Trump's travel ban is blocking an Iranian baby girl from entering the US for heart surgery
Update — Feb. 3, 2017, 10:10 p.m.: Late Friday night, New York Gov. Andrew Cuomo helped secure Fatemah a waiver that will allow her to skirt the travel ban and enter the U.S., where she will receive the necessary lifesaving surgery at New York City's Mount Sinai Hospital.
Cuomo told the New York Daily News that the necessary documents were secured at the same time a federal judge in Seattle was granting a temporary restraining order against President Donald Trump's travel ban.
Below is Mic's original coverage of the story:
An Iranian baby girl in desperate need of heart surgery has been blocked from entering the United States by President Donald Trump's recently imposed travel ban on citizens from seven Muslim-majority countries, according to the Associated Press.
On Friday, Amber Murray, the attorney for the baby's family, said that 4-month-old Fatemah Taghizadeh was born with two holes and structural abnormalities in her heart that doctors said would require at least one urgent surgery to correct.
"In Iran, there's a 20-30% chance of success with surgery," Murray said, compared to a "97% chance of success" in America.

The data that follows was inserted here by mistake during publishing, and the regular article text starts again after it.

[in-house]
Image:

But while the family was able to secure an appointment to get a tourist visa in Dubai on Feb. 5, it was abruptly cancelled after Trump's ban went into effect on January 27. Now the family is scrambling to save their daughter's life.
Samad Taghizadeh, the infant's uncle and a U.S. citizen who lives in Portland, Oregon, told the AP that the family has no time to waste in getting Fatemah the medical care she needs.
"I don't want to lose my hope, but the big problem here is time," Taghizaeh told the AP. "She's in an emergency situation and if it takes a long time, they're going to lose her. They said a couple of weeks ago she had to be in surgery. They recommended three or four weeks ago to do it."
Murray said on Thursday that she is currently in the process of filing an application for a visa waiver. If that doesn't work, she said that she plans to file an application for humanitarian parole, which would grant the baby entrance to the U.S. without a visa for medical treatment on humanitarian grounds.
As lawyers file paperwork, the situation grows more desperate by the day.
"Her heart is twisted," Murray said. "Her heart's working overtime to compensate for that, and it's causing more and more damage to her every day that she doesn't get the surgery."
Although the family had initially planned for the surgery to take place at Oregon Health & Science University in Portland, near where the baby's uncle lives, they are currently looking into options in Canada and Germany in order to keep the infant alive.
While state officials like Gov. Kate Brown Sen. Jeff Merkley have also joined in on efforts to get the family to the U.S., Taghizadeh told the AP that he has focused his efforts on trying to keep his family calm.
"First, they're counting on me and second, they're counting on the U.S. government," he said.